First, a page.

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How Lou Gehrig Fought the Deadly Disease Named After Him

Lou Gehrig, first baseman for the New York Yankees, poses for a photographic portrait before a game at Yankee Stadium in 1937.

Lou Gehrig, first baseman for the New York Yankees, poses for a photographic portrait before a game at Yankee Stadium in 1937.

Even compared to today’s modern athletes, with their access to advanced training and nutritional knowledge, Lou Gehrig was a physical specimen.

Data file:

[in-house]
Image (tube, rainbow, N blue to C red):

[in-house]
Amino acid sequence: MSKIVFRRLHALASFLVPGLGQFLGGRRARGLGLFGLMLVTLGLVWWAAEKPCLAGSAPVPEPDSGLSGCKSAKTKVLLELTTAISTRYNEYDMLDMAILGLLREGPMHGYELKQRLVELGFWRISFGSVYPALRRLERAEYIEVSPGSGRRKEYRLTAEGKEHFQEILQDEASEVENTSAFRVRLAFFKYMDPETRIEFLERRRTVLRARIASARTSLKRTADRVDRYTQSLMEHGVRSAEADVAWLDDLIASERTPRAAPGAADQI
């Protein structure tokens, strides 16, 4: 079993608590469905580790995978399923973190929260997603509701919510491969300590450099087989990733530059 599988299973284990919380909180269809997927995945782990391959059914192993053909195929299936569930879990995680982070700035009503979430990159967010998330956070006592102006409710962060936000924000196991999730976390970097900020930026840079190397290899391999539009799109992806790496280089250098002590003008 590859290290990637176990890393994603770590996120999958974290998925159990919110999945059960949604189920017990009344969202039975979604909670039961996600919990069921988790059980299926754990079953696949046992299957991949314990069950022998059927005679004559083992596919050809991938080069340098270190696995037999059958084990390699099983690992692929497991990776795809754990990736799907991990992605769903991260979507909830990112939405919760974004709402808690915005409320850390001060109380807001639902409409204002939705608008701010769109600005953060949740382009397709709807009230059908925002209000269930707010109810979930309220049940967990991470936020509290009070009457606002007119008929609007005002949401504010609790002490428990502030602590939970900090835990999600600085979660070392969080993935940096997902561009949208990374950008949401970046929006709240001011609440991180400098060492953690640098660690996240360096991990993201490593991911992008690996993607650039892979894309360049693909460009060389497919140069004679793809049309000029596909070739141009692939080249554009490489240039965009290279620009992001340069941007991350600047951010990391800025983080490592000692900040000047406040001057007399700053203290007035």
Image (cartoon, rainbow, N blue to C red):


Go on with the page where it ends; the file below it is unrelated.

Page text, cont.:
His immense power and durability enabled him to compile some of the most impressive statistics in Major League Baseball history as a first baseman for the New York Yankees. It also allowed him to achieve one of the most famous records across all sports—an incredible 2,130 consecutive games played from 1925 to 1939 (a mark since surpassed by Cal Ripken Jr.).



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